• Try a Bluetooth streamer. If your hearing loss is more serious, you may need to stream books, music or phone calls on these devices through a Bluetooth streamer connected wirelessly to your hearing aid or implant. All major hearing aid manufacturers make Bluetooth streamers. The one I use is a ComPilot, which streams to my Phonak hearing aid and my Advanced Bionics cochlear implant (both are made by the same company, Sonova). The Oticon Streamer Pro is also a popular brand. Made for iPhone hearing aids (including those made by ReSound and Starkey), it connects to an iPhone without the need for the intermediary streamer. Ask your audiologist for information about Bluetooth streamers for your brand of hearing aid.
  • Choose music or books wisely. It can make a big difference in comprehensibility and enjoyment. Recorded books can be borrowed from your library or by subscribing to a service like Recorded Books and played on your car’s CD player. If you can’t hear clearly enough through the car’s sound system, however, you’ll have to switch to a service like Audible, which downloads books to your smartphone or iPod, which you can then access through a Bluetooth streamer. These are subscription services, with new credits for books available monthly.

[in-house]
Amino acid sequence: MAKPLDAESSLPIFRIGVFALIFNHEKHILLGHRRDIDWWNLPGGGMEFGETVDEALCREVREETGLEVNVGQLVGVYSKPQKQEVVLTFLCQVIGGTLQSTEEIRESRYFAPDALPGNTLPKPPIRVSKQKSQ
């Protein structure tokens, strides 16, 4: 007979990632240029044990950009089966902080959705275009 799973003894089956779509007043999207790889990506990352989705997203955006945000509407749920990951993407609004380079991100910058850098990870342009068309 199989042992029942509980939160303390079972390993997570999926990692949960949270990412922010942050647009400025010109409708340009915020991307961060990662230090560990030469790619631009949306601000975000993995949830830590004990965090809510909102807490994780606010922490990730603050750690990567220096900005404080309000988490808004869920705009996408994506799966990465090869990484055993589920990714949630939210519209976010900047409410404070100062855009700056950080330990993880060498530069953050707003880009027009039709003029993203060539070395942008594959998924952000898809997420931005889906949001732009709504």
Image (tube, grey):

• Listen to a free audio sample first. We all have our favorite literary genres, but genres that are good for reading are not always good for listening, especially with hearing loss. Listen to the free audio sample of a recorded book before you order, to see if you can hear and understand the reader’s voice. If you find a reader whose voice you like, you can search for other books featuring the same reader.